Filmmaking / Directing : Not Answering Questions On Set A Good Thing? by Ian Anderson

Ian Anderson

Not Answering Questions On Set A Good Thing?

What's up Stage32 I'm back with another interesting question. So I was an assistant director for one of those short film/ music video films. We were shooting in a restaurant/ bar at night. Some of our extras didn't show up so we just all got drinks and just started talking to people. We got about 80% of the people near the bar on board. However, during a scene one of the new extras wanted to know what we were shooting to and asked the director and he didn't respond. I told him they wanted to know but he told me on set you don't have time to answer any questions except the ones from your most important cast and crew members. I get it reduces production time which saves money but morale is important on every project. Personally I wouldn't want my extras having second thoughts on why they were here mid way through production. I told her eventually though. My question is that is it worth it to ignore your less involved cast and crew to save production time? Thoughts?

Edward Goree

As a writer and director and a former (EXTRA/BACKGROUND) I don't have a problem answering questions when time permits. I've been on both sides before, so I know what it's like. I treat people how I want to be treated. I don't believe answering a few questions will jeopardize the production cost at all. That's just my opinion. No EXTRAS, NO MOVIE, especially if you need them. It's all about how you approach things. Some people are just natural jerks and don't know how to treat people. But, this is just my opinion...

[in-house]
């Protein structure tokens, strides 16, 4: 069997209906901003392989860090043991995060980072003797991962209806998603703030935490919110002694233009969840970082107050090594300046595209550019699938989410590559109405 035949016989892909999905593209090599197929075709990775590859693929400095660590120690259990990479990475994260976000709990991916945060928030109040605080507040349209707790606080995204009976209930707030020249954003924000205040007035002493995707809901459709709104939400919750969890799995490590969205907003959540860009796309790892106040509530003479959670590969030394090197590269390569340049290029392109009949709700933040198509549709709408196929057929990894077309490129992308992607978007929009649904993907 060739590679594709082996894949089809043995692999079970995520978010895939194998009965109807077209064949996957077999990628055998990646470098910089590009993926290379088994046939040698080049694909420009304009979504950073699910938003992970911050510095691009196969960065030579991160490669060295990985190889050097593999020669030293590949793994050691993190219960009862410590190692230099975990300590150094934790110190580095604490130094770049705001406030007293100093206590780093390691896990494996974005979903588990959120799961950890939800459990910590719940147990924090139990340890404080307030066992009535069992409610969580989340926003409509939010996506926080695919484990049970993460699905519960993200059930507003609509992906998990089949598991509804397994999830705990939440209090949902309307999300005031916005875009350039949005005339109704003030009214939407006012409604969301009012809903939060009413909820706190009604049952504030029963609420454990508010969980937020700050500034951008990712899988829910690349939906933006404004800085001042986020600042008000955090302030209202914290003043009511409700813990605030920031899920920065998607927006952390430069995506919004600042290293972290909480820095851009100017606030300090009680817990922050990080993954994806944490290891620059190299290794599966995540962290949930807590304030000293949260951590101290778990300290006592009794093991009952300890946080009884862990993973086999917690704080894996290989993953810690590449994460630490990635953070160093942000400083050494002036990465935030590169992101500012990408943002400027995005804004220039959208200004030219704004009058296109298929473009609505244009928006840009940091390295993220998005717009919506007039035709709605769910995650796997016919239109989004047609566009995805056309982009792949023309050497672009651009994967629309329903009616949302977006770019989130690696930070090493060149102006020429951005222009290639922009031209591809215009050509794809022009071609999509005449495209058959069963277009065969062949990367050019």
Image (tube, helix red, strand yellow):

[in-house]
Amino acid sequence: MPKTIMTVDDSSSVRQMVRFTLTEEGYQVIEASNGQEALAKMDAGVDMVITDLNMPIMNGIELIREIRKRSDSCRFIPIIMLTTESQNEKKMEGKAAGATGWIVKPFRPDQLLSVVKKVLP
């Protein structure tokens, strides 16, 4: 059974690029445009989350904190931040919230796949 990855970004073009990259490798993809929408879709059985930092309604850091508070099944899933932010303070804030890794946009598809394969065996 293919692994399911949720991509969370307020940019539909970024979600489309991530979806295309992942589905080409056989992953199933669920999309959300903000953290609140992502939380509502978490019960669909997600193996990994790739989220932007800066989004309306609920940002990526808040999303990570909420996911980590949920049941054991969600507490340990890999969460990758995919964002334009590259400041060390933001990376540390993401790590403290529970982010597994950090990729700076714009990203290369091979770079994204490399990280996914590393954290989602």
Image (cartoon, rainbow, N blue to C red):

Dan MaxXx

It s the 1st Assistant and 2nd Assistant Director's job to handle crowds and Extras. The director, under lots of pressure, is busy with main cast.

M L.

I think if you're using non professional actors as background, you're not allowed to treat them like background talent. Meaning you can't expect them to sit quietly and be professional. You have to expect them to have tons of questions and be very annoying on set. That's why you book extra professional background players cause many won't show. It's best to use professionals and then if they break protocol the A.D. can remind them they're job is to "do as they're told and stay quiet between takes".

David Barckhoff

Damian Brennan, your advice is fine if you are working with a very small cast, crew & extra;s, but I've worked on movie productions with 400 to 10,000 (Warrior, Dark NIght Rises) extra's on set a day for filming. The Director will go insane if he had to stop & answer all the questions from these extra's. Handling the extra's are the job of 2nd AD, 2nd 2nd AD, Key Set PA, & His assistant along with extra's casting assistants. The 1st AD is responsible for rehearsing the main speaking cast & running the set while Director (I or another Director) is in video village.

George Pierson

I am throwing my two cents in this one. I get very aggravated when I have questions and "professionals" do not have the courtesy to answer my questions, or, if I am talking to someone, someone interrupts either talks or me over me as if I was invisible. Therefore, regardless of the number of people involved, either you have a question and answer session before the shooting actually starts or you have someone available whose only job is to answer questions for anybody who has a question. It does not matter who you are, rudeness will not get you anywhere.

Ian Anderson

Thanks for the input guys all of the responses I really appreciate.

Jorge J Prieto

Bad judgment on part of director. I did over a dozen Extra years ago and not once was I not answered such questions.

David E. Gates